Five Years


In 1992, 1,700 of the leading scientists in the world put their names to a document that was released to the press and which included the following phrases: 'Human beings and the natural world are on a collision course... The environment is suffering critical stress... Heedless exploitation of depletable ground water supplies endangers food production and other essential human systems... Since 1945, 11% of the earth's vegetated surface has been degraded - an area larger than India and China combined - and per capita food production in many parts of the world is decreasing... The irreversible loss of species, which by 2100 may reach one-third of all species now living, is especially serious... Current economic practices which damage the environment, in both developed and underdeveloped nations, cannot be continued without the risk that vital global systems will be damaged beyond repair...' They concluded by mentioning that: 'No more than one or a few decades remain before the chance to avert the threats we now confront will be lost and the prospects for humanity.'

As a call for help, as a call for a community-based effort to change human behaviour, it was practically unprecedented. However, although you may consider yourself a tolerably well-informed human being, although you may consider yourself aware of some of the issues involved - global warming, for example, or the human population explosion - you probably were not aware that a significant chunk of the most intelligent people on the planet were so alarmed that they had got together to issue this warning.

And why weren't you aware of it? Not, you may be surprised to hear, because of any error or oversight on your part. It's even simpler than that. You didn't get to hear of it because not one major newspaper in Britain or the United States considered this statement newsworthy. Not one of them covered it. And yet, the signatories were no bunch of crackpots. 58 of the world academies of science were represented in this document. When a similar statement was released five years later - in time for the 1997 Kyoto Earth Summit - scientists from 63 countries signed it, among them 60 US National Medal of Science winners and 110 Nobel Laureates, including 104 of the 178 living Nobel Prize winners in the sciences. These were not the New-Agers nailing themselves to trees that the media so loves to poke fun at. These were the most conservative, hard-working, wife-and-two-kids science nerds on the planet. And they were ignored. (The Independent was the only major English language newspaper to cover the 1997 statement.)

In his address to the Gaia Society (given at the Linnean Society, Burlington House, on the 5th October), scientist and author Dr. David Suzuki posed the question: How could this be? How could the death of Princess Diana or the trial of O.J. Simpson be considered more important than the news that life as we know it will end if we do not do something about our management of the environment within the next ten years? The fact that the media could have ignored such a call is irrefutable evidence that the traditional tools of liberal democracy - freedom of the press, binary debate - have failed. Politicians and business interests have become so adept at manipulating them that it is no longer possible to communicate the truth - any kind of truth (and I deliberately write it without a capital 'T') - to the general public.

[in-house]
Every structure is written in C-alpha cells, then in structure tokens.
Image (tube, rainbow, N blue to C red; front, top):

One example of this is the way in which the media, in a traditionally laudable to always present both sides of the argument, continue to insist upon giving airtime to those who deny the existence of global warming despite the fact that it is an almost universally accepted hypothesis among climatologists. And when, earlier this year, the last shred of contradictory evidence supporting the nay-sayers turned out to be false data caused by a weather satellite's unreported decline in orbit, there was no coverage beyond that of the scientific press.

The aim here is not to deny the minority view or to silence the outsider. But something needs to change if vested interests are not to be allowed to continue to exploit any institutionalised good-will that exists towards the underdog. The problem may lie in the essentially formulaic nature of contemporary media presentation. News programmes tend to give the impression of debate, without allowing debate to actually happen. The first problem is that arguments always have to be left unresolved 'in the interests of fairness.' The second is that the participants are often forced into a binary opposition with one another. Confrontation may make good TV but the fact is that in our heterogeneous and minutely variegated society the binary form is all but moribund as a useful form of thought and interaction. New forms are needed.

If I were to bow to tradition I would end this article by demanding that you judge for yourself. What worries me is that with the evidence you have at your disposal it is no longer possible for you to do so. Perhaps it was never possible, and all that has happened is that this is finally becoming apparent. Hopelessly apparent, because even were we all equipped with the appropriate knowledge about the state of the Earth's ecological web, it appears that it is already too late to apply it.

David Suzuki is the author of Genethics: The Clash Between the New Genetics and Human Values, and The Sacred Balance: Rediscovering Our Place in Nature.

mute #12, Summer 1999